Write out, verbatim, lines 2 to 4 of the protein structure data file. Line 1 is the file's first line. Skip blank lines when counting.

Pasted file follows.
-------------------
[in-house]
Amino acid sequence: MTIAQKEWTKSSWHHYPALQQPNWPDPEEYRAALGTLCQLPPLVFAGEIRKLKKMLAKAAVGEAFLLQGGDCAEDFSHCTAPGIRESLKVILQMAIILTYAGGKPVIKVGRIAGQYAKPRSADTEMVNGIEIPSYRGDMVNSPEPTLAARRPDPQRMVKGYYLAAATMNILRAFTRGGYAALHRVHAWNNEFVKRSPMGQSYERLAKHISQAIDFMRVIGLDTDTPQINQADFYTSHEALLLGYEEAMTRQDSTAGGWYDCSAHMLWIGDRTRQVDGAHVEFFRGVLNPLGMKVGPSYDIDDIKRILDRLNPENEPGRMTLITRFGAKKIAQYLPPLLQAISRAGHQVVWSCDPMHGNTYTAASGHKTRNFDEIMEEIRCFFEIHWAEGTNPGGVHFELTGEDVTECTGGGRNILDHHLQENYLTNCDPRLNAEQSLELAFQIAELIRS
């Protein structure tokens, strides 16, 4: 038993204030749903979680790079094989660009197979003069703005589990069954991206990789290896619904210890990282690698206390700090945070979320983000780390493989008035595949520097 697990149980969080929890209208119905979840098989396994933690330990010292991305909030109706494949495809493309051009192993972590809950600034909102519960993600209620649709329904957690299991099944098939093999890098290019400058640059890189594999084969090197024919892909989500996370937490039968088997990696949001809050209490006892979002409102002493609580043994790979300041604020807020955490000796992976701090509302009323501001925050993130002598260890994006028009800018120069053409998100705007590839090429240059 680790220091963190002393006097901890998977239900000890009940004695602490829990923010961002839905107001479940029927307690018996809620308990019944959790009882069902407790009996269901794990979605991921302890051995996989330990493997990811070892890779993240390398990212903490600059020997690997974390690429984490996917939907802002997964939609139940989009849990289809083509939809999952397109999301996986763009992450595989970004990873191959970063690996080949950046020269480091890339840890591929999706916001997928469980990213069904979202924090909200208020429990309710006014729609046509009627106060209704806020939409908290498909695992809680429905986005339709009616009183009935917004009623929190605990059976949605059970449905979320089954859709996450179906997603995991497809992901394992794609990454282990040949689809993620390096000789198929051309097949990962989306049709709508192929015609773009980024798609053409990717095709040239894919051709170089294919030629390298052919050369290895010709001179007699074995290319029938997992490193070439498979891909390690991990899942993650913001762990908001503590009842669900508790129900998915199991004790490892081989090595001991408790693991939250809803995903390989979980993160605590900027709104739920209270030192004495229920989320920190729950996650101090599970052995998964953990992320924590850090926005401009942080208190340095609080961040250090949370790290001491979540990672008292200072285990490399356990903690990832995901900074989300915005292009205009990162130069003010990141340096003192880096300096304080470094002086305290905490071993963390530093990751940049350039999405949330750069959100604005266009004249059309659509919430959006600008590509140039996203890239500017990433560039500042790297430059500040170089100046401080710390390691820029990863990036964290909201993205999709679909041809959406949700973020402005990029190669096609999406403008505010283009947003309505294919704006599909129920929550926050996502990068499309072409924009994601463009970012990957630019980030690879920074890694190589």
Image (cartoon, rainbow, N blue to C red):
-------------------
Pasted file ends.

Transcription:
Amino acid sequence: MTIAQKEWTKSSWHHYPALQQPNWPDPEEYRAALGTLCQLPPLVFAGEIRKLKKMLAKAAVGEAFLLQGGDCAEDFSHCTAPGIRESLKVILQMAIILTYAGGKPVIKVGRIAGQYAKPRSADTEMVNGIEIPSYRGDMVNSPEPTLAARRPDPQRMVKGYYLAAATMNILRAFTRGGYAALHRVHAWNNEFVKRSPMGQSYERLAKHISQAIDFMRVIGLDTDTPQINQADFYTSHEALLLGYEEAMTRQDSTAGGWYDCSAHMLWIGDRTRQVDGAHVEFFRGVLNPLGMKVGPSYDIDDIKRILDRLNPENEPGRMTLITRFGAKKIAQYLPPLLQAISRAGHQVVWSCDPMHGNTYTAASGHKTRNFDEIMEEIRCFFEIHWAEGTNPGGVHFELTGEDVTECTGGGRNILDHHLQENYLTNCDPRLNAEQSLELAFQIAELIRS
């Protein structure tokens, strides 16, 4: 038993204030749903979680790079094989660009197979003069703005589990069954991206990789290896619904210890990282690698206390700090945070979320983000780390493989008035595949520097 697990149980969080929890209208119905979840098989396994933690330990010292991305909030109706494949495809493309051009192993972590809950600034909102519960993600209620649709329904957690299991099944098939093999890098290019400058640059890189594999084969090197024919892909989500996370937490039968088997990696949001809050209490006892979002409102002493609580043994790979300041604020807020955490000796992976701090509302009323501001925050993130002598260890994006028009800018120069053409998100705007590839090429240059 680790220091963190002393006097901890998977239900000890009940004695602490829990923010961002839905107001479940029927307690018996809620308990019944959790009882069902407790009996269901794990979605991921302890051995996989330990493997990811070892890779993240390398990212903490600059020997690997974390690429984490996917939907802002997964939609139940989009849990289809083509939809999952397109999301996986763009992450595989970004990873191959970063690996080949950046020269480091890339840890591929999706916001997928469980990213069904979202924090909200208020429990309710006014729609046509009627106060209704806020939409908290498909695992809680429905986005339709009616009183009935917004009623929190605990059976949605059970449905979320089954859709996450179906997603995991497809992901394992794609990454282990040949689809993620390096000789198929051309097949990962989306049709709508192929015609773009980024798609053409990717095709040239894919051709170089294919030629390298052919050369290895010709001179007699074995290319029938997992490193070439498979891909390690991990899942993650913001762990908001503590009842669900508790129900998915199991004790490892081989090595001991408790693991939250809803995903390989979980993160605590900027709104739920209270030192004495229920989320920190729950996650101090599970052995998964953990992320924590850090926005401009942080208190340095609080961040250090949370790290001491979540990672008292200072285990490399356990903690990832995901900074989300915005292009205009990162130069003010990141340096003192880096300096304080470094002086305290905490071993963390530093990751940049350039999405949330750069959100604005266009004249059309659509919430959006600008590509140039996203890239500017990433560039500042790297430059500040170089100046401080710390390691820029990863990036964290909201993205999709679909041809959406949700973020402005990029190669096609999406403008505010283009947003309505294919704006599909129920929550926050996502990068499309072409924009994601463009970012990957630019980030690879920074890694190589």
Image (cartoon, rainbow, N blue to C red):